By: Ahmed Ishtiaq
DryShips Inc. (DRYS) specializes in carrying drybulk commodities and drilling rigs. The company's drybulk fleet carries several drybulk products including coal, iron ore, and grains, bauxite, phosphate, fertilizers and steel products. The company also owns 2 ultra-deep-water semi-submersible drilling rigs and 4 ultra-deep-water newbuilding drillships. DryShips also owns 12 oil tankers. Recently, the stock of the company has lost a substantial portion of its value due to the poor performance of the company. Let's look at what future holds for the company.
Yet Again Poor Performance:
Recently, the company reported its third quarter earnings and the results were again disappointing. DryShips reported a quarterly net loss of $51.3 million compared to a profit of $25 million for the same quarter last year. Total operating expenses for the company went up by 46% to $307 million. The operating expenses went up mainly due to higher drilling rigs expenses. At the end of the third quarter, cash and cash equivalents stood at $986.8 million for the company, and debt was $4,453.5 million. At the end of 2011, cash and cash equivalents, and debt stood at $251.1 million and $4,241.8 million, respectively.
Drybulk carrier segment revenues declined by 47.1% and only generated $46.9 million. Further, tanker segment revenues went up by more than 226% year-over-year. The tanker segment generated $11.1 million in revenues. Drilling business showed strong growth and recorded revenues of $285.7 million, growing by 26.4%. However, strong performance of deepwater oil drilling unit OceanRig UDW Inc. (ORIG) was offset by tepid results of DryShips' legacy drybulk shipping cargo division. The drybulk shipping and oil tanker segments are suffering from oversupply, causing the spot rates to drop.
Drilling the Future:
DryShips is converting itself to an ultra-deep water drilling company rather than continuing as a simple drybulk cargo operator. Ocean Rig's acquisition was a step in the right direction and it diversified DryShips' assets and sources of cash flow. Moreover, Ocean Rig's expertise has equipped DryShips with the essential platform to vie for the best contracts in the sector. At the moment, the company has a 65% stake in OceanRig. The drilling segment is flourishing due to growing expenditures from oil companies and success in deep water oil field discoveries.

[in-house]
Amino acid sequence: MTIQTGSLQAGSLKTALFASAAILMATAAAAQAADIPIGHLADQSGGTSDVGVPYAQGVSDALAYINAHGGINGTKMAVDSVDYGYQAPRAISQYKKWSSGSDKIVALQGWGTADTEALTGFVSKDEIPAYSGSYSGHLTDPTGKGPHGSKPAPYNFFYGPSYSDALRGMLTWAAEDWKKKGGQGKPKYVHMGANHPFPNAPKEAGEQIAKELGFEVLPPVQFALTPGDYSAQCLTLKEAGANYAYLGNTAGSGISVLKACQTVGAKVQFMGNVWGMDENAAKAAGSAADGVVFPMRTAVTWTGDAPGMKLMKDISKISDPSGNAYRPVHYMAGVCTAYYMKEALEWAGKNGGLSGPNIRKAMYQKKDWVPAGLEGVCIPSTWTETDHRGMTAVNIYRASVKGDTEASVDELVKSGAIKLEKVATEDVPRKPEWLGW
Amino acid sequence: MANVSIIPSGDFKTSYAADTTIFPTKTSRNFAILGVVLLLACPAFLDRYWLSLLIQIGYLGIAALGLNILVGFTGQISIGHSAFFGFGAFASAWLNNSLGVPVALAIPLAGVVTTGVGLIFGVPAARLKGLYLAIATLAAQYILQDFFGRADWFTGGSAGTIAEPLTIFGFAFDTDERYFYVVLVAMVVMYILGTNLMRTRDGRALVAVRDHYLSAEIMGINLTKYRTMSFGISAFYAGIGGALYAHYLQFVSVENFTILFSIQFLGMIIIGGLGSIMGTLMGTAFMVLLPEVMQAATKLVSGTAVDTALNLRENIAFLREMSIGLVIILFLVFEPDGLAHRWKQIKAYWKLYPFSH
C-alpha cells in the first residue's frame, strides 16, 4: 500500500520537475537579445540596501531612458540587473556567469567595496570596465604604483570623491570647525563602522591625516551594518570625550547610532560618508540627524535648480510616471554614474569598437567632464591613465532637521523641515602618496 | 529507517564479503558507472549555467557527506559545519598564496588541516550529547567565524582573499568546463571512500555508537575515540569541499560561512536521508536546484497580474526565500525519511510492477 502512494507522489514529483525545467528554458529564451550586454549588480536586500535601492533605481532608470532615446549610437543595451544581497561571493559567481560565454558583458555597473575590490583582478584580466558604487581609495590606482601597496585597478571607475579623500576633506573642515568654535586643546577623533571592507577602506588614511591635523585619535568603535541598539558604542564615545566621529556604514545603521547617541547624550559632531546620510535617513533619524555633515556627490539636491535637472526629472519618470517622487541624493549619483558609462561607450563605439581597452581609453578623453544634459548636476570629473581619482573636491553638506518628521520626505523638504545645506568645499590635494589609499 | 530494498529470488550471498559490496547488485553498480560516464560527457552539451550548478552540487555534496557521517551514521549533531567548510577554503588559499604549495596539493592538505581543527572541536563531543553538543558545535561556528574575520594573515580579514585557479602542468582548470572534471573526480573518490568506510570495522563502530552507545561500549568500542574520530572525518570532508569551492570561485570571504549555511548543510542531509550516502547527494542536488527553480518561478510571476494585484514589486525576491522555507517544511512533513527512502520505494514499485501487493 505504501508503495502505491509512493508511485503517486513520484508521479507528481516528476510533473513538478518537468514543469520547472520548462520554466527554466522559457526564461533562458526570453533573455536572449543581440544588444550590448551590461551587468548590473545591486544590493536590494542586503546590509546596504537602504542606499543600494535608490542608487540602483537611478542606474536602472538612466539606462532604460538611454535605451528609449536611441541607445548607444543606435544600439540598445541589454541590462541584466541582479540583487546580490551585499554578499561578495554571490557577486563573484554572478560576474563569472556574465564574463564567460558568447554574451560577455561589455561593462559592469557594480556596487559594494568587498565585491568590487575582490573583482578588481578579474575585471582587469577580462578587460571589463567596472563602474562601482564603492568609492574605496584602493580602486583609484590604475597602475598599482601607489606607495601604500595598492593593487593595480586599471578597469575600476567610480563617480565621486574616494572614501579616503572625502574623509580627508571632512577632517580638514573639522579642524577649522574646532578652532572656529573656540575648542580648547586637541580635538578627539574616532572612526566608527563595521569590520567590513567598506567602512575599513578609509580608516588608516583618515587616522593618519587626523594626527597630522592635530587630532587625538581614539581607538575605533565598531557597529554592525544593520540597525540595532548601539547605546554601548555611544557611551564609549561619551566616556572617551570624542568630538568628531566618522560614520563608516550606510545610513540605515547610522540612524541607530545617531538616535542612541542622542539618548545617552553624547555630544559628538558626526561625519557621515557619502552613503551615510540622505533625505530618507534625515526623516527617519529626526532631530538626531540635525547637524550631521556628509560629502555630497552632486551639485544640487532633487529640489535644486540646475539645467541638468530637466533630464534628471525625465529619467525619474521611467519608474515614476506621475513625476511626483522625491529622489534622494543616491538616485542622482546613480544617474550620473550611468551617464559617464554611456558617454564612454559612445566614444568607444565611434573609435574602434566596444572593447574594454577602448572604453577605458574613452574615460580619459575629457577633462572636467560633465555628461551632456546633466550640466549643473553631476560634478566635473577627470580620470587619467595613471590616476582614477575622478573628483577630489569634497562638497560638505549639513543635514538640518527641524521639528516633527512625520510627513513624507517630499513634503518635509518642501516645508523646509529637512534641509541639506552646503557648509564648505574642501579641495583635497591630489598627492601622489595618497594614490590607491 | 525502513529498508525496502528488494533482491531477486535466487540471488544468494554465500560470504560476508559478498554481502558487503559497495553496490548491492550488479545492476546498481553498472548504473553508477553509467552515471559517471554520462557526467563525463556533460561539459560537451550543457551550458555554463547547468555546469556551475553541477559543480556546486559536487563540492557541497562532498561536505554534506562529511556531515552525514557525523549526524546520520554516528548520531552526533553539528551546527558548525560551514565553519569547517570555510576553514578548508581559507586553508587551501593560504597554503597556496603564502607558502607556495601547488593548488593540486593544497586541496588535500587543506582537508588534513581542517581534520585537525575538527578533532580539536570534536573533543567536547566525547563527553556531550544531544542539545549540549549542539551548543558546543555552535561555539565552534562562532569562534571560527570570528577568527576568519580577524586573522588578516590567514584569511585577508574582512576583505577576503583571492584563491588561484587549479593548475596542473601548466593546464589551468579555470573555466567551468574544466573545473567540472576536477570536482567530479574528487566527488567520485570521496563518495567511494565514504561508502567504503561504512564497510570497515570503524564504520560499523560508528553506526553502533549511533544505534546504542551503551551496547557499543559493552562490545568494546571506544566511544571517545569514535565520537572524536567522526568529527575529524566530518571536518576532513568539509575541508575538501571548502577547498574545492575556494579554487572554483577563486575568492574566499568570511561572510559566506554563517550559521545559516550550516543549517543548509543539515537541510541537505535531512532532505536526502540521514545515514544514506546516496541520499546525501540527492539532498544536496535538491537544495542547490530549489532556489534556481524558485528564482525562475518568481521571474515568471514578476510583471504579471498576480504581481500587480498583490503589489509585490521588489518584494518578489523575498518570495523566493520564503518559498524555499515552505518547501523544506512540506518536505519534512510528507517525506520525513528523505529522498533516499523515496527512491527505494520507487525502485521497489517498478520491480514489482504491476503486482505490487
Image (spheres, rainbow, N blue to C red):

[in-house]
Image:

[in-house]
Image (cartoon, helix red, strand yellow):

The deepwater drilling sector is presently experiencing shortages of rigs all over the world as the energy companies have increased their production levels. Compared to companies like Transocean (RIG) or Seadrill (SDRL), Ocean Rig is a small player in the drilling industry. Drilling in ultra deepwater assets is extremely attractive as rates here are higher and more sustainable. We have discussed the drilling industry at length in our coverage of Seadrill; detailed analysis can be found here. At the end of the quarter, OceanRig had an order backlog of more than $4.5 billion. For DryShips, drilling segment will be the main driver for EPS growth in the future.
Is the Company Fairly Valued?
Every so often, there are some valuation anomalies in the market. DryShips looks like a good example at the moment. The company's stake in Ocean Rig is worth more than the company's present market capitalization. DryShips' market capitalization is just above $650 million, and OceanRig is valued at over $2 billion by the market. If we compare the DryShips stake in OceanRig, there is a difference of $651 million. At present, the company is valued at half of its stake in OceanRig. In other words, the market is saying that DryShips is worth negative $650 million. It is a clear indication of the expectations of the market about two different businesses.
Currently, the market is bearish about the shipping industry for obvious reasons; as a result, DryShips is valued at such low levels. On the other hand, deepwater drilling is in demand and the market is very bullish about the prospects of the companies in the drilling industry. It is no surprise that the companies operating in the drilling industry have remarkably high P/E ratios. However, it is not possible to value DryShips on a P/E ratio due to the recent losses. Nonetheless, the company has an attractive forward P/E of around 16.
Shipping Not Dead Yet:
The Chinese economy can play a vital role in the revival of a number of industries. It is especially true for the shipping industry. China has announced an increase in its infrastructure expenditures, which may cause the shipping industry to move slightly faster on the road to revival. Furthermore, the energy needs of Europe are heavily dependent on coal, which is a key product transported by shippers. The increase in coal consumption should provide a boost to DryShips and its peers if the recent measures can stimulate some economic growth.
Clearly, the stock is not a screaming buy and has its own risks, which may not suit to a range of investors. However, for risk savvy investors, it can be an interesting pick. The company is evidently undervalued based on the assets it holds. Moreover, strong growth from the drilling segment should drive growth in EPS. OceanRig stock is trading at around $15 at the moment. DryShips can provide an alternative to take a position in OceanRig. However, I must stress that DryShips has substantial risks attached to it, and only high risk tolerance investors should consider the stock.
Disclosure: I have no positions in any stocks mentioned, and no plans to initiate any positions within the next 72 hours.